By: Chana Weinberg  | 

YU Soccer Teams Receive United Soccer Coaches’ Team Academic Award, Women’s Team GPA Exceeds Men’s by 12.4 %

The Yeshiva University’s men and women’s soccer teams have received the United Soccer Coaches’ Team Academic Award for the 2016-2017 season. United Soccer Coaches gives this award to all college teams who are represented in the United Soccer Coaches association who have a grade point average above 3.0. The YU men’s team GPA was 3.14 and the women’s GPA was 3.53, 12.4% higher than the men’s. This marks the third season in a row that YU has won this award.

There were 837 teams who received the honor, but only 213 schools had both their men and women’s team qualify. Of those 837 teams who won, 549 the women’s team and 299 were men’s teams.

“Our student-athletes are unique in that they have mastered the ability to excel on the field of play and in the classroom,” Athletics Director Joe Bednarsh told The Commentator. YU student-athletes are especially unique because in addition to having secular classes and practice for NCAA-level athletics, student-athletes at YU need to balance in their Judaic Studies courses as well.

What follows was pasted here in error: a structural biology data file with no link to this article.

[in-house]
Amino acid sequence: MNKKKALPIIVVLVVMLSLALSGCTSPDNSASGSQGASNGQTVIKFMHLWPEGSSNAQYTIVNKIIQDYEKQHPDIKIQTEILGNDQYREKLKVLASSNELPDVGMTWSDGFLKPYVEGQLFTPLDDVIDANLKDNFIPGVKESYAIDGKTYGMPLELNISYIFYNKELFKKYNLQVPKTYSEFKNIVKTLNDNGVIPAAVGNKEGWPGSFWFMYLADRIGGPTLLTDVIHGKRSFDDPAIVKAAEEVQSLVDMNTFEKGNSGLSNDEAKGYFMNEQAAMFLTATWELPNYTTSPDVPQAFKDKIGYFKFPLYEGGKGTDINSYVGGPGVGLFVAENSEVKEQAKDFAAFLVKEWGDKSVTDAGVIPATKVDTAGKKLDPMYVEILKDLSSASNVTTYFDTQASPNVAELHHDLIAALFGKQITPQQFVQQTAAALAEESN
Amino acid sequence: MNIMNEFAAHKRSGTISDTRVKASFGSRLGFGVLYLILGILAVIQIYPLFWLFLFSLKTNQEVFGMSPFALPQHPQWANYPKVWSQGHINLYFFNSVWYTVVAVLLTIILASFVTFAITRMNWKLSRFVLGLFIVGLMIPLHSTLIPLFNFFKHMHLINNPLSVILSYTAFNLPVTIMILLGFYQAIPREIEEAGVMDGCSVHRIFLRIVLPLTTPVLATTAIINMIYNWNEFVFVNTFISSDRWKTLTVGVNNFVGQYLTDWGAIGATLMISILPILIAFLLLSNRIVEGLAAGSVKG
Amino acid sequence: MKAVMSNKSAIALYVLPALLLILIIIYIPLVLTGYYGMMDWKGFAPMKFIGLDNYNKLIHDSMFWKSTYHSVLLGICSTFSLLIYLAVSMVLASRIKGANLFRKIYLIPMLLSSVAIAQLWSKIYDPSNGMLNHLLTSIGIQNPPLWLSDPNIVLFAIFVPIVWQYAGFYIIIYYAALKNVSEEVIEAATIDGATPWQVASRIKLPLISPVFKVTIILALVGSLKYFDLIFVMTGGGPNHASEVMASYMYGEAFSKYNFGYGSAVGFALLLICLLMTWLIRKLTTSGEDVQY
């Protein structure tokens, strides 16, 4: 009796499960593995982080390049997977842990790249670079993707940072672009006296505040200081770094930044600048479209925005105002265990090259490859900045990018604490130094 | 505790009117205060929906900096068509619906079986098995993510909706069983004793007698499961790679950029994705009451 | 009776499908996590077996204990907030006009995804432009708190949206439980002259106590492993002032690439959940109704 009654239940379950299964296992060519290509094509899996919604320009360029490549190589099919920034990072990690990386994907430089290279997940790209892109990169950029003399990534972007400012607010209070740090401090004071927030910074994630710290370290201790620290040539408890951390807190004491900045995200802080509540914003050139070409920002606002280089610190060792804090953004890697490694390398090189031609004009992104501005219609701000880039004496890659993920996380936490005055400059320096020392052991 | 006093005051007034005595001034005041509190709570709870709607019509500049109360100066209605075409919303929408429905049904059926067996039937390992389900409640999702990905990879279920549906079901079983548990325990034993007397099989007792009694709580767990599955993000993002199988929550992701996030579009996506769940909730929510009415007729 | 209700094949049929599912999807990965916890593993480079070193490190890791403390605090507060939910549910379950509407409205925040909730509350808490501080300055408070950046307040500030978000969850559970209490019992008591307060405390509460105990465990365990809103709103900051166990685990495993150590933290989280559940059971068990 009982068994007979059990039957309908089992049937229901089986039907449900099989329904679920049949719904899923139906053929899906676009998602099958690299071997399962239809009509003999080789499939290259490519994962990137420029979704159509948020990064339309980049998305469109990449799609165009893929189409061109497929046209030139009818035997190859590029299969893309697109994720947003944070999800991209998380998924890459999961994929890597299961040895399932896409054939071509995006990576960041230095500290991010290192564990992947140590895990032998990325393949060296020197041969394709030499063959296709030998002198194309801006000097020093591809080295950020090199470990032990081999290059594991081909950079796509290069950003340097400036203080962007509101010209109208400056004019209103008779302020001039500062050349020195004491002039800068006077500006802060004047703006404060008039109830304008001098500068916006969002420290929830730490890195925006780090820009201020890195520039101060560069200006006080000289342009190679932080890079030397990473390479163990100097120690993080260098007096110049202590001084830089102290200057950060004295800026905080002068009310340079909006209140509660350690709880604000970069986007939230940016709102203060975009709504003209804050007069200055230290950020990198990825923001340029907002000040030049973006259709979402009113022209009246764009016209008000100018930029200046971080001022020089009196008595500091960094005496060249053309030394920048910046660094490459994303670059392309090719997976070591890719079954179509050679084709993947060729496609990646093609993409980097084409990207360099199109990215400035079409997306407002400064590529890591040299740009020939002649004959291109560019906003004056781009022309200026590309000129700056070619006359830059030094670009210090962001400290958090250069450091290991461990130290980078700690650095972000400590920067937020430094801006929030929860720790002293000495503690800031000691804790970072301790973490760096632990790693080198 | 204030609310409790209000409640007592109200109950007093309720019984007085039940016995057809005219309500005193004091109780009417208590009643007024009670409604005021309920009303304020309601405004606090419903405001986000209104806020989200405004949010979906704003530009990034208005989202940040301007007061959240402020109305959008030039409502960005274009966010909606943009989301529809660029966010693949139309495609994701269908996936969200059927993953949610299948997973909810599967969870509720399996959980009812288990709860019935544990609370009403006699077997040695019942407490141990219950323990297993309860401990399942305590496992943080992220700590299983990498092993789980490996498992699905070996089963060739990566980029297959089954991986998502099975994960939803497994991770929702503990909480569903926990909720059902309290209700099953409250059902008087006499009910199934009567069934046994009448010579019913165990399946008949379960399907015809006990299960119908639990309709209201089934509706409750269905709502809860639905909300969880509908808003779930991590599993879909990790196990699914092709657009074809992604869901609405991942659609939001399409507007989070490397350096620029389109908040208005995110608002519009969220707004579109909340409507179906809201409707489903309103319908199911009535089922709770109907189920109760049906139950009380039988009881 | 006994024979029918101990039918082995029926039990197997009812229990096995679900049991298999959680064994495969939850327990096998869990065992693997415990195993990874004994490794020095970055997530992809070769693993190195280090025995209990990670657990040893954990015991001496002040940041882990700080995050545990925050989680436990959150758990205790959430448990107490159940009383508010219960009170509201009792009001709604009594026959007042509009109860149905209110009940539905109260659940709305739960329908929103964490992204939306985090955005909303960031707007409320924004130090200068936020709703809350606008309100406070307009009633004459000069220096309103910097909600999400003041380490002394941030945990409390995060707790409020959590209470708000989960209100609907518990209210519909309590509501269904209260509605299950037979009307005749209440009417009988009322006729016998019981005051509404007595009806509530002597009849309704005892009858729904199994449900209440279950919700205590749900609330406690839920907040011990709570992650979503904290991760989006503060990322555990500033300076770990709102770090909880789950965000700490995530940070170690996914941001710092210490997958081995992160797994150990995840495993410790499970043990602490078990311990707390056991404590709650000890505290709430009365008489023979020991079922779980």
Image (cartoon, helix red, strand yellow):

Mr. Bednarsh declined to comment on the wide gap between the men’s and women’s GPAs.

YU Men’s Soccer Coach, Joshua Pransky, attributed the large gap between the men’s and women’s GPA’s to the large amount of international students on his men’s team. On the 2016-2017 men’s roster, 10 out of the 22 players listed at were international students coming from countries including Australia, Spain, Venezuela and Israel. That same year, the women’s team had only two players of their 22 from outside the US and only one player, Anabella Berti (class of 2020) of Venezuela, came from a non-English speaking country.  

[Being from a foreign country] sometimes shows in their grades in their first few semesters on campus which shows up on our team GPA,” Pransky said.  Though the men’s GPA may have been weighed down because of international students adjusting to life in the US, Coach Pransky reminded The Commentator that ”they keep their grades high enough to win awards,” so, as a school, we should be “proud” of this accomplishment.

Women’s soccer coach Marc Zarhest also expressed his pride in his team’s accomplishment.

“The fact that they succeed both on and off [the field] is the real win,” he said.